In Cincinnati, Ohio, women speaks at a protest after Prop 8 is passed in California in 2008.
A federal judge of Cincinnati announced that he will require Ohio officials to now recognize all gay marriages which were performed in other states. This ruling will potentially affect approximately 20,000 of Ohio’s same-sex couples.
Currently, the ruling only applies to the four couples who sued the state until an appeals decision is reached.
The now widely known District Judge, Timothy Black made the decision following the final arguments in a lawsuit that challenged Ohio’s gay marriage ban. This decision is wildly controversial due to the decision’s conflict with the state’s Constitution because the initial ban was put into place by Ohio voters themselves.
Ohio voters chose to deny the right of legal recognition to same-sex marriages over the past years which has been validated in other states recently. In U.S. District Judge Timothy Black’s statements, he declared that Ohio’s laws are “facially unconstitutional and unenforceable under any circumstances.”
The judge issued the ruling on April 14 which prohibited Ohio officials from imposing the ban for the couples involved with the case until the appeals process is complete. However, this does not indicate that Ohio itself must permit same-sex couples to marry within state lines.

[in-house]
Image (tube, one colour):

District Judge Timothy Black allowed time for the state to begin preparations for an appeal by announcing his intention in advance of his upcoming ruling. The state’s Attorney General, Mike DeWine, said that the state will in fact be appealing Black’s decision.
Ohio’s law specifically defines marriage as a contract to be made between a man and a woman. However, reactions throughout the state are slightly mixed. Being that the state overwhelmingly voted against the recognition of gay marriage, the controversy of Black’s ruling is not surprising.
The state of Ohio is not the first to make further advancements in the same-sex marriage debate. With nine states now recognizing and legalizing same-sex marriages, the movement is gaining momentum across the country.
While the United States Supreme Court has yet to rule on the recognition of same-sex marriages on a national basis, the battle rages on throughout the individual States.